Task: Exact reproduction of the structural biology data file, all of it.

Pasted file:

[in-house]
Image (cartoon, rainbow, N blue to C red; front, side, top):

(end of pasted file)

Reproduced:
[in-house]
Image (cartoon, rainbow, N blue to C red; front, side, top):